This may prove particularly attractive for investors if we enter a recessionary environment.

Paul Triggiani on distressed credit and special situations: a growing opportunity set within smaller companies

Small companies often run into problems, regardless of economic conditions. This is one of the main reasons that we focus on them in our distressed credit and special situations portfolios. It creates an evergreen opportunity set and allows us exposure to companies across a diverse range of industry sectors.

Sizing the opportunity set

Importantly, today’s challenging economic backdrop is creating an even larger investment universe. What’s more, we believe that several tailwinds remain in place for our pipeline. The leveraged credit market, now roughly $6 trillion in size, is quite large on an absolute basis.

Even if we assume a modest default rate of 5% (approximately half of what occurred during the Global Financial Crisis), this would result in a materially larger distressed opportunity than any prior cycle.

Favourable maturity wall and issuance dynamics

Furthermore, almost half of the senior loans and high yield bonds maturing over the next 36 months are split B-rated. We will potentially see an increase in the number of distressed/downgraded company issuers, should the market environment deteriorate further.

Importantly for us, over 40% of these businesses have less than $500 million in debt outstanding. This means that they fall well within our small capitalisation target zone. Likewise, significant percentages (30-40%) of recent new issuance across these markets are similarly situated. In other words, they are either B3, B- or unrated, and issued by smaller companies.

The prevalence of CLOs

A period of significant downgrades could result in selling pressure for many original or “par” holders of this debt, particularly CLOs, which represent approximately 70% of the leveraged loan market and are limited in the amount of CCC-rated debt they can hold. Against this backdrop, we remain confident in our ability to identify good companies at attractive valuations.


1 The first lien debt has the first claim on collateral, compared to second lien debt, which takes second priority.

2 We define the core middle market as companies with between US$100 million and US$750 million in enterprise value, generating annual revenues between US$10 million and US$1 billion. Relative to the lower middle market, companies in the core middle market have more robust infrastructure and governance and therefore tend to be less exposed to negative idiosyncratic events.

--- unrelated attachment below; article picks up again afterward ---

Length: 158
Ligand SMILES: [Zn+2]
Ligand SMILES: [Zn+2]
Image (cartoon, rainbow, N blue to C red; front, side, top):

3 Call protection can help to reduce risk by limiting the conditions under which a bond issuer is able to “call” (redeem) a bond before its specified maturity date.

Source: JP Morgan Leveraged Loan Index data. Based on in-depth analysis conducted in January 2023. Past performance is not a guide to future returns.

Source: J P Morgan as of May 2023.

Investment risks

The value of investments and any income will fluctuate (this may partly be the result of exchange rate fluctuations) and investors may not get back the full amount invested.

Alternative investment products may involve a higher degree of risk, may engage in leveraging and other speculative investment practices  that may increase the risk of investment loss, can be highly illiquid, may not be required to provide periodic pricing or valuation information to investors, may involve complex tax structures and delays in distributing important tax information, are not subject to the same regulatory requirements as mutual portfolios, often charge higher fees which may offset any trading profits, and in many cases the underlying investments are not transparent and are known only to the investment manager.

Important information

Information is provided as at 14 September 2023, sourced from Invesco unless otherwise stated.

This is marketing material and not financial advice. It is not intended as a recommendation to buy or sell any particular asset class, security or strategy. Regulatory requirements that require impartiality of investment/investment strategy recommendations are therefore not applicable nor are any prohibitions to trade before publication. Views and opinions are based on current market conditions and are subject to change.